NHS Digital should be going live with "a single, secure identity for each member of the public, across all health and care services" this autumn, according to NHS Digital's latest business plan.
The digital identity plan will be integrated with NHS.uk to create a single point of public access to online information and health service "interactions", it adds, including the personal health record that is being developed, which will give patients online access to their health records for the first time.
NHS Digital aims to complete its "Citizen Identity" projects by 30 September this year, while the online access to health records project isn't expected to be completed until 2020 at the earliest.
In a statement to Government Computing, NHS Digital claimed that it was "exploring a number of strategic options for authentication and identity verification for digital health services, including consideration of existing services such as Patient Online and GOV.UK Verify.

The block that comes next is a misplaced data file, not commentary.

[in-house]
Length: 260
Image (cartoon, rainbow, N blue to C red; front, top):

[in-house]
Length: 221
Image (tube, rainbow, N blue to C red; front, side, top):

"We are taking an incremental approach and we will be publishing updates as we progress through this work."
The extension of Gov.UK Verify to the NHS would drastically expand adoption of the identity platform. It currently has some 1.2m users, but has a target of signing up 25 million by 2020.
However, the NHS needs an identity management system that can tie identity to a single, personal NSH number, and which will also comply with incoming EU privacy regulations.
Gov.UK Verify, meanwhile, is an attempt to provide an identity management system to government, which doesn't simply turn into a massive, centralised government database of its citizens.
The Gov.UK Verify platform effectively outsources the identification part of users to one of a number of pre-selected companies, who perform the identity check up to the ‘level of assurance' (LOA) security standard.
The Gov.UK Verify project, led by the Government Digital Service (GDS), hasn't had an easy birth, partly due to the restrictions that need to be placed around it.
It has had to fight off claims that the technology it is based on is insecure, and there have also been suggestions that the GDS and HMRC have been conducting a 'turf war' over approaches to identity management.
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